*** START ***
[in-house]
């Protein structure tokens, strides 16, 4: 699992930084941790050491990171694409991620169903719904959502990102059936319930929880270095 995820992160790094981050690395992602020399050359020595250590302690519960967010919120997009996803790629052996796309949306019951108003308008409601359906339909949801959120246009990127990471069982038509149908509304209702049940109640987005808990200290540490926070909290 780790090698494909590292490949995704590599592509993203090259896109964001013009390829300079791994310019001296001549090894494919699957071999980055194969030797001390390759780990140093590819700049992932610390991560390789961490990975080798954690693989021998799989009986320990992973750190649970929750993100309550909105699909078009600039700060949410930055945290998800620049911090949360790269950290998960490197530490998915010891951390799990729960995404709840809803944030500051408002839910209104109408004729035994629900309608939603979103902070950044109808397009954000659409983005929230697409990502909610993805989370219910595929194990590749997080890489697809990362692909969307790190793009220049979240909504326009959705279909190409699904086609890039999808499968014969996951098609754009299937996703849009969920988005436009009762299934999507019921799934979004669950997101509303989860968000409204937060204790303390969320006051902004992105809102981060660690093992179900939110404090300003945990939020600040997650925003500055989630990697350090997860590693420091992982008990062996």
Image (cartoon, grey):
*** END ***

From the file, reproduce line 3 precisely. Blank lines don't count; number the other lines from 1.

Image (cartoon, grey):